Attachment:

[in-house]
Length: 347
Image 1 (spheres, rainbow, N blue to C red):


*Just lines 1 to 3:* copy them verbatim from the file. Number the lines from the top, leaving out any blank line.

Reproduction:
[in-house]
Length: 347
Image 1 (spheres, rainbow, N blue to C red):